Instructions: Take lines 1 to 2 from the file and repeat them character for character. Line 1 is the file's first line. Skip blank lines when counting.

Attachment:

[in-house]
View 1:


[in-house]
View 1: